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Review Highlights Progress and Challenges in Treating HIV/AIDS-Associated Lymphoma


Significant progress has led to improved survival in patients with HIV/AIDS, but lymphoma remains a leading cause of morbidity and mortality in this patient population.

Individuals with HIV or AIDS are at an increased risk for hematologic malignancies such as lymphoma. Although survival has improved in patients with HIV/AIDS since the advent of highly active antiretroviral therapy (HAART), cancer, including lymphomas, is still a leading cause of morbidity and mortality. A recent review summarized the most updated research surrounding lymphoma in patients with HIV/AIDS.

There are multiple subtypes of lymphoma associated with HIV/AIDS, the main 2 of which are non-Hodgkin’s lymphoma (NHL) and Hodgkin’s lymphoma (HL). NHLs are the most common HIV-related cause of death in developed countries, and they account for an estimated 23% to 30% of AIDS-related deaths. AIDS-associated NHL is more aggressive than NHLs in the general population.

Early diagnosis of lymphoma in individuals with HIV/AIDS is crucial, meaning a clear understanding of the pathophysiology, subtypes, epidemiology, laboratory diagnosis, and treatment lymphoma is important to improve outcomes further in this population.

Based on the immune status of patients with HIV, malignancies are classified as either AIDS-defining or non-AIDS-defining cancers. Common subtypes of NHLs associated with AIDS include Burkitt’s lymphoma, diffuse large cell lymphoma, primary central nervous system lymphoma, plasmablastic lymphoma, and primary effusion lymphoma (PEL). PEL is caused by HHV8, or Kaposi sarcoma-associated herpesvirus (KSHV).

HL is one of the most prevalent non-AIDS-defining cancers, and it has become increasingly common as HAART therapy has extended survival in patients with HIV. Like NHL, HL is more aggressive in patients with HIV than in the general population and has a poor prognosis. It is stratified into 2 types: classical Hodgkin lymphoma (CHL)—which accounts for more than 90% of HL cases—and nodular lymphocyte-predominant HL. Subtypes of CHL include nodular sclerosis CHL, mixed cellularity CHL, and lymphocyte-depleted CHL.

Lymphoma associated with HIV/AIDS has several potentially causal factors, including patients’ impaired immune systems, genetic alterations, viral infections, and chronic B cell activation. The increased cancer prevalence in HIV/AIDS patients in general is related to chronic antigenic stimulation, inflammation, and cytokine dysregulation.

Before HAART, patients with HIV were at a 5- to 10-times greater risk of HL and an estimated 60- to 200-times greater risk of NHL. Most types of NHL and KS have seen declining rates since the advent of HAART, which increases immune function and reduces the risk of HIV transforming into AIDS. The incidence of HL, however, has stayed consistent or increased in HIV-positive patients since the availability of HAART. More research is needed to determine the mechanisms behind this increase and the best course for treatment. Overall, study authors note that cancer screening in patients with HIV/AIDS is still crucial, even in the HAART era.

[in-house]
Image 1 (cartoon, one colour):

The treatment of lymphoma associated with HIV/AIDS has evolved for the better in the HAART era yet can still be challenging. In general, patients with HIV/AIDS have had good responses to chemotherapy, but the authors note that the best first-line treatment for HIV-related lymphoma is not yet clear. Therapy selection should consider the lymphoma subtype and stage, international prognostic index, performance status, and any comorbidities. However, HAART’s effect on immune function leads to a lower risk of infection and improved chemotherapy administration compared with pre-HAART era lymphoma treatment for HIV/AIDS patients.

The authors conclude that early lymphoma detection and early determination of lymphoma etiology are of the utmost importance and can significantly impact therapeutic decision-making in a positive way. The most significant revelations include the lack of improvement in HL despite advances in the HAART era and the lack of a clear best treatment for lymphoma in the HIV/AIDS patient population.

“Therefore, it is recommended that people living with HIV/AIDS be screened for the development of lymphoma to increase their survival time and quality of life,” they wrote, “and further research is required regarding the pathogenesis, treatment, and laboratory diagnosis of HIV/AIDS-associated lymphoma.”


Berhan A, Bayleyegn B, Getaneh Z. HIV/AIDS Associated Lymphoma: Review. Blood Lymphat Cancer. Published online Apr 29, 2022. doi:10.2147/BLCTT.S361320

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